Prehistoric Past Prehistoric Past

Dinosaur Discoveries

James Sutherland made the first discovery of Ichthyosaurus in 1865 on the Flinders River. The specimens of Ichthyosaur vertebrae were sent to Professor Frederick McCoy at the Museum of Victoria in Melbourne, who described them in a short note in 1867. James Sutherland returned to his site and uncovered a more complete specimen, including a skull and many more vertebrae, which again were sent back to Melbourne for Prof McCoy to study. Despite Prof McCoy's second paper describing the new material (dated 1869), it was not published that two skulls were actually present in the material until 1984 by Dr Mary Wade of the Queensland Museum.

Other Ichthyosaur material was found at Marathon Station (approx 64km west of Hughenden) described as "Ichthyosaurus marathonensis' in 1888.In 1899 A. Crombie of Hughenden gave a scrap of a large reptile jawbone to the Queensland Museum. Queensland Museum palaeontologist Heber Longman later described this as the giant plesiosaur Kronosaurus.

In 1963 a Muttaburrasaurus was collected from many fragments in a cattle yard on the Thompson River near Muttaburra. Many other pieces had been souvenired by locals, but a public appeal soon saw these returned to the museum. The cereal company Kellogg's sponsored the lengthy job of preparing the skeleton on public display in museums around Australia. There have been several other Muttaburrasaurus finds around Hughenden, the most recent being in 1987.

Some time after the 1960's a large Sauropod fossil Austrosaurus was found on a property approx 75kms north of Hughenden. They are in the Queensland Museum in Brisbane.Approx 40kms outside of Hughenden a Pterosaur skull and jaw fragment was found. They are in the Queensland Museum in Brisbane.In 1989 a complete skeleton of a Pliosaur was found west of Hughenden.In 1981 one of the best examples of an Ankylosaur was found on the outskirts of Hughenden. This Minmi is the best dinosaur skeleton in Australia, being over 90% complete. It was found on the same station as the Pliosaur, by the same man, Ian Ievers, in the Flinders Shire.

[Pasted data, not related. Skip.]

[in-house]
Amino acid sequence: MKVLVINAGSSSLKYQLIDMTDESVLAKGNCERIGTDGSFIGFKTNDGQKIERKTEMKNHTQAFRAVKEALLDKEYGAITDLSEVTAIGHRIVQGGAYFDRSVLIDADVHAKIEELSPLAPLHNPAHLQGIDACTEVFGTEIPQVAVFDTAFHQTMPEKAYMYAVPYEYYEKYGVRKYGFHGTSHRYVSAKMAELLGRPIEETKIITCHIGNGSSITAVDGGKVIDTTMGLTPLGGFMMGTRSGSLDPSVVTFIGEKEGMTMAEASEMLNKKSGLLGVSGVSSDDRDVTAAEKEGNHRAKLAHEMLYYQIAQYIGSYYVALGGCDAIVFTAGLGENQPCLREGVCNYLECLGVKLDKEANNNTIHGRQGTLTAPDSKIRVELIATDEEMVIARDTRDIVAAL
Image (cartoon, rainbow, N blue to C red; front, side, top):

Hughenden Sauropod

Sauropods are very large plant-eating dinosaurs with long necks and tails. They have been found in this part of Queensland since 1932. Fossil bones have been found from several individual sauropods. They probably belonged to Austrosaurus.

The remains of an Austrosaurus Mckillopi were discovered/collected by M and H McKillop on Clutha Station in 1932, and were found to be 100 million years old.

Half of a cervical (neck) vertebra from another sauropod was found near Hughenden. It is similar to the vertebra of Brachiosaurus, a huge sauropod with long fore-legs found in Africa and North America. The Queensland animal is known as the ‘Hughenden Sauropod'. The size of the bones found suggests an animal 20 –22 metres long and perhaps weighing up to 50 tonne. It used its long neck to reach the lower branches of the trees.

Muttaburrasaurus

Muttaburrasaurus Langdoni roamed the Australian landscape about 100 million years ago. The dinosaur is known from four specimens from the central and northern Queensland and is believed to have been quite common during the late early Cretaceous Period.